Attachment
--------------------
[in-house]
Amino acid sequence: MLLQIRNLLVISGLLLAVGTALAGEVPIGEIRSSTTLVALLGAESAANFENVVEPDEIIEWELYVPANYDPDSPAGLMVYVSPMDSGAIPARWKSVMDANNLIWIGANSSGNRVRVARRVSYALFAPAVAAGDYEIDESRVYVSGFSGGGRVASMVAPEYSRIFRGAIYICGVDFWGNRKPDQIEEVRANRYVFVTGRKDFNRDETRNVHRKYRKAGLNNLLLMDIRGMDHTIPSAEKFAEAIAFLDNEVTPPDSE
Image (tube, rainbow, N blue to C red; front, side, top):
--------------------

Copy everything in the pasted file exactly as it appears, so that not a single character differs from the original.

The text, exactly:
[in-house]
Amino acid sequence: MLLQIRNLLVISGLLLAVGTALAGEVPIGEIRSSTTLVALLGAESAANFENVVEPDEIIEWELYVPANYDPDSPAGLMVYVSPMDSGAIPARWKSVMDANNLIWIGANSSGNRVRVARRVSYALFAPAVAAGDYEIDESRVYVSGFSGGGRVASMVAPEYSRIFRGAIYICGVDFWGNRKPDQIEEVRANRYVFVTGRKDFNRDETRNVHRKYRKAGLNNLLLMDIRGMDHTIPSAEKFAEAIAFLDNEVTPPDSE
Image (tube, rainbow, N blue to C red; front, side, top):